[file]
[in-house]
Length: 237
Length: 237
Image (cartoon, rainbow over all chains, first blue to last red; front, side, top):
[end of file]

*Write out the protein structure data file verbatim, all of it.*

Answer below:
[in-house]
Length: 237
Length: 237
Image (cartoon, rainbow over all chains, first blue to last red; front, side, top):